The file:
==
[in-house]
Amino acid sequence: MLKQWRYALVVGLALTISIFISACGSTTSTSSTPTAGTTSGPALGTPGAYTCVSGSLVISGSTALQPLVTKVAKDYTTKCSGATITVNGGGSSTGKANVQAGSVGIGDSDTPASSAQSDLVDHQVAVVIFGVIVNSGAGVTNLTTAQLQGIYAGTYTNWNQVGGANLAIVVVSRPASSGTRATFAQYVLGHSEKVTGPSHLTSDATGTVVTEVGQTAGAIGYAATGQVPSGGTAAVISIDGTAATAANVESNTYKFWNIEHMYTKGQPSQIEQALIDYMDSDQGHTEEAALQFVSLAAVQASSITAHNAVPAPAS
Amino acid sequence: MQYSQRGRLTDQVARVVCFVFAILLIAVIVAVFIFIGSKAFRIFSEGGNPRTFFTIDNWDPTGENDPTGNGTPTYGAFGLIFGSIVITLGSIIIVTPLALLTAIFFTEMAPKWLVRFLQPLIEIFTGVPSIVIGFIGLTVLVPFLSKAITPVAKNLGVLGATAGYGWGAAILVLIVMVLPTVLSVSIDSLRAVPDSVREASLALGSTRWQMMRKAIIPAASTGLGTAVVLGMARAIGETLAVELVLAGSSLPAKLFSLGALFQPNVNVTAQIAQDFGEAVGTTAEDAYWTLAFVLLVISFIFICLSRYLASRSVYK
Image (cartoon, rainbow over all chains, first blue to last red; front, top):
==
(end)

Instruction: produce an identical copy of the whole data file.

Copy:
[in-house]
Amino acid sequence: MLKQWRYALVVGLALTISIFISACGSTTSTSSTPTAGTTSGPALGTPGAYTCVSGSLVISGSTALQPLVTKVAKDYTTKCSGATITVNGGGSSTGKANVQAGSVGIGDSDTPASSAQSDLVDHQVAVVIFGVIVNSGAGVTNLTTAQLQGIYAGTYTNWNQVGGANLAIVVVSRPASSGTRATFAQYVLGHSEKVTGPSHLTSDATGTVVTEVGQTAGAIGYAATGQVPSGGTAAVISIDGTAATAANVESNTYKFWNIEHMYTKGQPSQIEQALIDYMDSDQGHTEEAALQFVSLAAVQASSITAHNAVPAPAS
Amino acid sequence: MQYSQRGRLTDQVARVVCFVFAILLIAVIVAVFIFIGSKAFRIFSEGGNPRTFFTIDNWDPTGENDPTGNGTPTYGAFGLIFGSIVITLGSIIIVTPLALLTAIFFTEMAPKWLVRFLQPLIEIFTGVPSIVIGFIGLTVLVPFLSKAITPVAKNLGVLGATAGYGWGAAILVLIVMVLPTVLSVSIDSLRAVPDSVREASLALGSTRWQMMRKAIIPAASTGLGTAVVLGMARAIGETLAVELVLAGSSLPAKLFSLGALFQPNVNVTAQIAQDFGEAVGTTAEDAYWTLAFVLLVISFIFICLSRYLASRSVYK
Image (cartoon, rainbow over all chains, first blue to last red; front, top):